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National Institute on Drug Abuse -  NIDA NOTES
Science Education Program
Volume 11, Number 1
January/February 1996

Projects Make Science Interesting For Children and Adults

By Robert Mathias, NIDA NOTES Staff Writer

NIDA's Science Education Program is increasing its efforts to show children and adults that science can be interesting and useful in making good choices about health matters such as drug abuse. The Institute is funding one project to develop a low-literacy drug education model program for adult literacy programs and another to produce colorful classroom materials about abused drugs for middle school students.

In addition to stimulating interest in science, NIDA's Science Education Program aims to encourage children to pursue careers in science and to increase knowledge about science among the general public, says Dr. Cathrine Sasek of NIDA's Office of Science Policy and Communications, who directs the program for NIDA. Drug abuse education plays a large part in the program because of NIDA's mission and also because drug abuse is a topic that interests everyone, Dr. Sasek says. "We use drug abuse information as a hook to get parents and children and, hopefully, the general public interested in science," she says.

NIDA's Science Education
Program supported the
production of this book to help
low-literate adults learn more
about how the brain works.

To increase science literacy among low-literate adults, NIDA, through its Science Education Drug Abuse Partnership Award program, is supporting an adult basic education project of the American Association for the Advancement of Science (AAAS) called Science + Literacy for Health. "The project is developing a drug education program that is based on science, teaches people a little more about how science is actually done, and enables them to apply that knowledge to findings about drug abuse and how it affects the brain and health," says Maria Sosa of AAAS, who directs the project.

Although there is no single definition of illiteracy, a national survey conducted for the U.S. Department of Education reported that about 1 out of 5, or 40 to 44 million, adult Americans scored at the lowest level on scales that measured functional literacy. Individuals who scored at this level were very limited in the knowledge and skills needed to perform basic tasks such as understanding and using information from editorials and news stories, completing job applications, and balancing a checkbook.

The Science + Literacy for Health project has produced two basic science books for low-literate adults. The Brain Book covers how the brain works, brain injuries, tumors, strokes, and Alzheimer's and Parkinson's diseases. Brain and Behavior describes how the brain manages behavior and how mental disorders and substance abuse affect the brain and behavior. The basic science books contain material designed to stimulate classroom discussion and activities among adult learners, says Dr. Wallace Pickworth of NIDA's Division of Intramural Research, who serves on the project's science advisory panel. The books were the basis for the drug education curriculum that was developed at two community-based literacy programs, The Learning Bank in Baltimore and the Academy of Hope in Washington, D.C.

Currently, the project is pilot testing the low-literacy drug education model program at three adult basic education programs and three family literacy programs around the Nation. In addition to the basic science books, the program includes a training manual, workshop kits, and a resource directory. Ultimately, AAAS will conduct training workshops and disseminate the program to public libraries, community-based groups, and school districts working to advance adult and family literacy.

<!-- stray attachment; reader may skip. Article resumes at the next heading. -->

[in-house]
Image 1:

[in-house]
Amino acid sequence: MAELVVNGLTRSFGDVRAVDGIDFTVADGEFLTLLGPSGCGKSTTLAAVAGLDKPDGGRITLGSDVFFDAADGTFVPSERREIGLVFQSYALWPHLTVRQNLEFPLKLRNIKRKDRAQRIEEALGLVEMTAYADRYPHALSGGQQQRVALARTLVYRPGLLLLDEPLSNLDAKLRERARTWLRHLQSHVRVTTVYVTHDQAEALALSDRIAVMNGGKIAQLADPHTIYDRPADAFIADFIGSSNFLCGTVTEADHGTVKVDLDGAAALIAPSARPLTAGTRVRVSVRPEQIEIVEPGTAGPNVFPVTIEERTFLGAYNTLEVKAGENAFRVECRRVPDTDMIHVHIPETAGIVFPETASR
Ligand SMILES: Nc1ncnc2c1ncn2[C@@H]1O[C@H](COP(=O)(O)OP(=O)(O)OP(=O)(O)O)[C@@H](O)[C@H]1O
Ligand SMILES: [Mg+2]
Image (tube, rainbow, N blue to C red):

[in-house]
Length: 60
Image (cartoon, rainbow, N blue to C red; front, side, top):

Meanwhile, another NIDA science education project is producing classroom materials for middle school students on various drugs of abuse. The core of the project consists of six colorful brochures that contain information about marijuana, stimulants, hallucinogens, inhalants, opiates, and steroids. When opened to full size, the back of each brochure will be a striking poster that children can take home.

The brochures, which will be available for distribution later this year, will educate about drug abuse, but the information will be presented in a general scientific context, Dr. Sasek says. The project is also developing a teachers' guide that will contain considerable additional information, she says. The guide will include hands-on activities to engage children in science.

NIDA's Science Education Program previously supported middle school students who produced two award-winning videos about science and drug abuse. Subsequently, NIDA developed classroom curricula to accompany the videos. The Science Education Program also supported the development of a multimedia education project designed to show how drugs affect the brain. (See "Animated View of How Drugs Act in Brain Is Hit at Museum")

NIDA science education videos and brochures can be ordered from the National Clearinghouse for Alcohol and Drug Information, P.O. Box 2345, Rockville, MD 20847-2345, (800) 729-6686. For information about the Science + Literacy for Health program, or to order copies of The Brain Book or Brain and Behavior, contact AAAS at 1333H St., NW, Washington, DC 20005, (202) 326-6670.

NIDA makes science education grants through the Science Education Drug Abuse Partnership Award program, the Small Business and Innovative Research program, and the Small Business Technology Transfer program. For information on applying for a grant through any of these programs, contact Dr. Cathrine Sasek at (301) 443-6071. Information about the Science Education Drug Abuse Partnership Award can also be obtained through the Home page on the World Wide Web at: http//

From NIDA NOTES, January/February, 1996

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